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Last updated on 4/27/23

Evaluate the coverage of your tests

We have tested some of our classes for the moment. That's great, but we can’t stop there! We have to make sure our entire application is tested!

Well, at least we agreed we'd be testing the Model. Good intentions! ☺️

So, how to be sure that we tested the whole model? We are mere human beings and we can make mistakes. The good news is that there is a tool for that too!

The tool is called code coverage. It analyzes which part of the code is covered by the test. The working principle is simple: it identifies the lines of code that correspond to the tests when running the tests. And the inverted parts of the code by definition are identified as not-covered (or not tested).

Setting up the code coverage

To install the code coverage, we'll have to edit the scheme of our application. To do this, click on the name of the application at the top left:

And select Edit Scheme... in the dropdown:

This will present a configuration dialog:

But what's this scheme? 🤔

A scheme is a set of actions the code can take. We've got 6 that are presented on the left of the pop-up. We've already used 3 of them:

  • Build: compile the app (cmd + b).

  • Run: execute the app after compilation (cmd + r).

  • Test: run the tests (cmd + u).

Back to our task - select Test on the left, check off Gather coveragedata and click Close:

Now, when you run your tests, Xcode will collect the coverage data and indicate the lines of code that were executed during the tests.

Inspecting the Code Coverage

To inspect Code Coverage, you must first run the tests (cmd + u).

Once that's done, switch to the Test navigator:

The test navigator allows you to view all the tests of your application, organized by class. You can also run the tests from this interface by clicking the play button to the right of each test, class, or target.

In the navigator, you can right-click on any test and choose Jump to Report:

You'll be taken to the test report page where you can observe all the tests - if they passed or failed, sort them according to certain criteria. For the moment, what we're interested in is located under the Coverage tab:

On this tab, you can see the coverage percentage of each file and even each function. So you can easily see what your tests are not covering:

As you can see, most of our components are 100% tested through just thoroughly testing the Game class. We did a good job! For more details, you can view the Game.swift file and the coverage information is now available to the right of the file:

On the other hand, if we look at the Tournament.swift file, it shows gaps:

All the red lines on the right will have zero number of executions - they are not tested! We'll fix it shortly!

Setting suitable goals

Of course, ideal test coverage would be 100%. More often than not, optimal is more appropriate than ideal.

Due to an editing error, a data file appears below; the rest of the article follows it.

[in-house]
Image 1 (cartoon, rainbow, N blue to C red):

What percentage of coverage is optimal? 100%? 90%? 50%?

And the answer is: it's not a question of percentage, but of strategy! 🤓

For example, when working with an MVC model, I recommend aiming to cover the Model 100%. The rest may not be as trivial to test and may not be worth the effort. This makes it come down to answering the question, what percentage of your code is the model?!

The key is to define which parts of the code are the most critical and make sure those parts are fully covered! The overall percentage doesn't matter. It's just a tool.

Closing the gaps!

Game on - let's close the gaps in our model!

It's clear now, we only have one method there remaining to test: the addGame  method!

This method is quite small.

Guess what? It's your turn now! Go ahead and create the tests for the Tournament class!

You've got this!
You've got this!

As you write your tests, some may become redundant. Do not hesitate to delete them!

Here's my version:

import XCTest
@testable import TicTacToe
class TournamentTestCase: XCTestCase {
var tournament: Tournament!
override func setUp() {
tournament = Tournament()
func testGivenGameIsOverWithWinningPlayerOne_WhenAdded_ThenScoreShouldBeOneForPlayerOneAndZeroForPlayerTwo() {
let tournament = Tournament()
tournament.addGame(withWinner: .one)
XCTAssertEqual(tournament.score(forPlayer: .one), 1)
XCTAssertEqual(tournament.score(forPlayer: .two), 0)

And let's confirm the coverage: 

That's it! Nicely done! ☺️

Let's Recap!

  • You can install the Code Coverage by editing the scheme of your application for the the Test action.

  • The Code Coverage allows you to identify areas of your code that are not covered by tests.

  • No need to reach 100% coverage at all costs! It's important to choose a test strategy that is optimal for the project instead. The Code Coverage is a handy tool, but not an ultimate criteria to address.

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